Gearing up for the most wonderful time of the year, we can’t wait to get back to the beautiful Blue Ridge Parkway near Floyd, Virginia, for none other than FloydFest! To get everyone ready for this one-of-a-kind event, we’re interviewing some of our favorite FloydFest artists on the road to FloydFest 17 ~ Freedom (July 26-30).
Along the way, we will stop at the Giant Jam Sandwich: A FloydFest Family Picnic, taking place at the picturesque Elmwood Park Amphitheater in downtown Roanoke, Virginia. This all-day “picnic” will last from 12-10 p.m. on Sunday, June 4, and feature a sampling of the tastiest jam bands that FloydFest has to offer. In addition to being the co-existing with our first two interviews in the series, from BIG Something and TAUK, be sure to check The Poke Around for coverage of that event, as well as ticket giveaways!
Our second Q&A is with Charlie Dolan, bassist of TAUK, a four-piece rock-fusion band from New York, most recently touring in support of their new album, Sir Nebula.
So y’all have played FloydFest before, how excited are you to get back?
This will be our third FloydFest. The first time we went there was for one of their contests, and I don’t think we won, but they asked us back the next year anyway, which we were super pumped about. FloydFest is actually one of the first festivals where I was like ‘Oh shit, this crowd is awesome,’ and really got that feeling from the crowd that they were giving us energy back. It was definitely one of those moments I’ll always remember. I’m definitely happy to get back, it’s one of my favorite festivals.
Giant Jam Sandwich: A FloydFest Family Picnic is coming up on June 4. You’ve got quite a stacked lineup to share the bill with, including The Mantras, People’s Blues of Richmond, The Werks, Big Something and Sol Searchers. I know you’ve been on the same bills with several of these bands in the past, whether it be the many festivals you’ve played together, or even one-night gigs. Will this be a family picnic of your own, in a way?
Absolutely. You know the great thing about festival season, especially festivals and events like this, where you do get to see your friends, who most of the time if you do see them [throughout the year] it’s only for a second, is that you actually get to hang, actually get to jam and play on stage together, so it’s always something that I look forward to.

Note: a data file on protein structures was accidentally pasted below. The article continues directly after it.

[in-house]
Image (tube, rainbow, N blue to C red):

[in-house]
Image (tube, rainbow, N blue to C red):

Y’all are on a bit of a break right now, then it’s right back into festival season at the end of May. Will you speak on the differences of being on your own tour as opposed to the summer festival circuit?
Completely different. The fact with being on the road for weeks at a time, is that there’s a certain kind of energy that you build up from that, a certain kind of tightness. Even the other side, where we’re playing shows over and over again, sometimes you might have a stale night here and there, where as with festivals, maybe we’ll play three sets in a weekend and then we’re off for another week, so there’s definitely a different mindset and preparation going into it. But then [during the summer] we get to be home and practice more and work on new material. Personally, I love playing outside, it’s one of my favorite things to do. Especially as a bass player, I feel like it translates completely differently. I’m looking forward to the summer, we have a bunch of cool events, these two included.
The newest album, Sir Nebula, was to me, one of the most carefully crafted, smoother sounds I’ve heard out of you guys yet. Was there anything you did differently with the creative or recording process?
Yeah. With Sir Nebula, I think what was different about it was that we actually sat down and just did the whole thing. We worked on pre-production, to just getting in the studio, into doing overdubs, and then into mixing, and we never really stopped. Whereas in the previous records we kind of had to cut those things up a bit, whether it be gigging or festivals or whatever other things we had to do. So that’s what I enjoyed the most about this record, the continuity of being together and focusing on the record. I think it showed itself in a lot of ways and brought out different parts of our sound and made us grow, in a way, and made us a lot tighter.
Had you all been playing the songs on Sir Nebula live for a while before recording, or did you hold out some for the release?
We definitely had a few songs that we were playing, we are even playing some newer songs now that will probably be on the next record. It’s usually about half-and-half, and we were sitting on Sir Nebula for a bit, so it was tough to do. There were a few songs we just held out from the rotation for once we did release the record, which is kind of painful to do but, now it’s here so we feel good about it. You always want to bring fresh tunes to audiences’ ears so holding stuff back is tough.
As you continue to gain momentum, has there been talk of a TAUK festival? If so, what would that look like?
Well, every time we play a festival I’m like ‘this would be great,’ and then I see one go wrong, and I’m like ‘I would never want to do that ever’ (laughs). I’ll never say never, and we do have a name, it could be called TAUKtoberfest.
Written by Richard Oakley
Photograph by Dylan Langile